Fracture network localization preceding catastrophic failure

We quantify the evolving spatial distribution of fracture networks
throughout six in situ X-ray tomography triaxial compression experiments
on monzonite and granite at confining stresses of 5-35 MPa. We first
assess whether one dominant fracture continually grows at the expense of
others by tracking the proportion of the maximum fracture volume to the
total fracture volume. This metric does not increase monotonically. We
next examine if the set of the largest fractures continually dominates
deformation by tracking the proportion of the cumulative volume of
fractures with volumes >90^{th} percentile
to the total fracture volume. This metric indicates that the fracture
networks tend to increase in localization toward the largest set of
fractures for up to 80% of the experimental time (differential stress),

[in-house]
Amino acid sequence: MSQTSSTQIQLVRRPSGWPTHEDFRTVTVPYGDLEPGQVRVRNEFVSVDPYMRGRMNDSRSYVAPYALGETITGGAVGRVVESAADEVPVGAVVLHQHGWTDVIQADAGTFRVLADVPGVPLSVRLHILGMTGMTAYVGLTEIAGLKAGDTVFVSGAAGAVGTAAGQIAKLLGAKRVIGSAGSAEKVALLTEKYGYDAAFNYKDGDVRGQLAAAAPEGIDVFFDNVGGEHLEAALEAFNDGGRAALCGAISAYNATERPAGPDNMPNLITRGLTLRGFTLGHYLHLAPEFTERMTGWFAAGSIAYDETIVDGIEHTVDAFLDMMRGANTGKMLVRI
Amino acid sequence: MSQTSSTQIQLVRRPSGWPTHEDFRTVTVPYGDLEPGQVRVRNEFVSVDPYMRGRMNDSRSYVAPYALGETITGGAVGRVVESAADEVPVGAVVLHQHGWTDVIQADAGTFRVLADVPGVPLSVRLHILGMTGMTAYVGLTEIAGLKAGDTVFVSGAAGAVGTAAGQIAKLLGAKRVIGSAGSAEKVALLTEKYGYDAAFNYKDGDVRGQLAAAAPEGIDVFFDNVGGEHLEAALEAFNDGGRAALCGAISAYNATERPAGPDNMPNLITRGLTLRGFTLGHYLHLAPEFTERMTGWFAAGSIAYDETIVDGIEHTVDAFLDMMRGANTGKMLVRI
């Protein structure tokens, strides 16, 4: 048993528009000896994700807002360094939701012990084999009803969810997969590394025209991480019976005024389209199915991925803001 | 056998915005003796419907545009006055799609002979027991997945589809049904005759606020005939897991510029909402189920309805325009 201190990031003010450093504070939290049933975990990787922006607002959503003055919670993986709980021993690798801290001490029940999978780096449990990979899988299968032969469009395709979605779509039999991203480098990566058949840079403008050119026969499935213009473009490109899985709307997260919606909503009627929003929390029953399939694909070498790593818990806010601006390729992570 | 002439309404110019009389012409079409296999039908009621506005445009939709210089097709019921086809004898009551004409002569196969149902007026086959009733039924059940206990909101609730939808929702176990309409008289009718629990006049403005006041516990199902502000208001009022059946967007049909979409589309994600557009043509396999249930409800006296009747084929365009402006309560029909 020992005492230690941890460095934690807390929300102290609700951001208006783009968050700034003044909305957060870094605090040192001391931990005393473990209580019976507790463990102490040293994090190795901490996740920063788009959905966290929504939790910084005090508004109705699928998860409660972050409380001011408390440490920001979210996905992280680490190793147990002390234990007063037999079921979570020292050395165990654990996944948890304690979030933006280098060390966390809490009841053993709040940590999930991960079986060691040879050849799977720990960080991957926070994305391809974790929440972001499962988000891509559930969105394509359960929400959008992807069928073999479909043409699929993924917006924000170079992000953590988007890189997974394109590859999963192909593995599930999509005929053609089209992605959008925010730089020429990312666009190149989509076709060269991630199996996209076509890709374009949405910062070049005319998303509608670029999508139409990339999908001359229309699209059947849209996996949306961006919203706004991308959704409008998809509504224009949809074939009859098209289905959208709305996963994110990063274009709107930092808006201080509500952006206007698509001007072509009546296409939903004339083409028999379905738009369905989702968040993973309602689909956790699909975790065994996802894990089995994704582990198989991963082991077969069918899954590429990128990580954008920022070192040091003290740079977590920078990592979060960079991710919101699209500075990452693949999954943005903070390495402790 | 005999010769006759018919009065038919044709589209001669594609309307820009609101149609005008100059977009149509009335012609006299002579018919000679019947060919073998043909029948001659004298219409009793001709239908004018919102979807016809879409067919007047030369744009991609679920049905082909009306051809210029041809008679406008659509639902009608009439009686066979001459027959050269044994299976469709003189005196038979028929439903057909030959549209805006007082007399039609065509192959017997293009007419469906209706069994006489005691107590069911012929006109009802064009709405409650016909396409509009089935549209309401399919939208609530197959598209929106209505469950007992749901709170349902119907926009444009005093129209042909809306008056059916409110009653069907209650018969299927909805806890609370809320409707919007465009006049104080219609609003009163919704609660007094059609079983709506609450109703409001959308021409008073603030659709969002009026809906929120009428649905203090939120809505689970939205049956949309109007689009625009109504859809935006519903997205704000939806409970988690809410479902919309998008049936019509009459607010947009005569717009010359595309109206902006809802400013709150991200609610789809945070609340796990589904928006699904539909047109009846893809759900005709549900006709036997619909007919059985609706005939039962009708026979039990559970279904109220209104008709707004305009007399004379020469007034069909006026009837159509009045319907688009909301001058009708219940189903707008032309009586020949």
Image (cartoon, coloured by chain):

consistent with observations from southern California of localizing and
delocalizing seismicity. Experiments with higher confining stress tend
to have greater localization. To further assess the fracture networks
localization, we compare the geometry of the set of the largest
fractures to a plane. We find the best fit plane through the fractures
with volumes >90^{th} percentile immediately
preceding failure, and calculate the distance between these fractures
and the plane, and the r^{2} score of the fractures and
the plane throughout each experiment. The r^{2} scores
and the distance indicate greater localization in the monzonite
experiments than in the granite experiments. The smaller mean grain size
of the minerals in the granite may produce more sites of fracture
nucleation and termination, leading to more delocalized fracture
networks that deviate further from a plane. The higher applied confining
stress in the monzonite experiments (25-35 MPa) relative to the granite
experiments (5-10 MPa) may also contribute to the more localized
fracture networks in the monzonite experiments. The evolution of the
clustering the fractures toward the plane and the Gini coefficient,
which measures the deviation of a population from uniformity, closely
match each other. Tracking these metrics of localization also reveals
that macroscopic yielding appears to occur when the rate of fracture
network localization increases.